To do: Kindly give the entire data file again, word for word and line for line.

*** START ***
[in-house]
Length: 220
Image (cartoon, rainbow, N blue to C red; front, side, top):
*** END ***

[in-house]
Length: 220
Image (cartoon, rainbow, N blue to C red; front, side, top):